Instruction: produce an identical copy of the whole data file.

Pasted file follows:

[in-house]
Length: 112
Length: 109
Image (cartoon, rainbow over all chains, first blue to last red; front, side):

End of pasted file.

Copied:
[in-house]
Length: 112
Length: 109
Image (cartoon, rainbow over all chains, first blue to last red; front, side):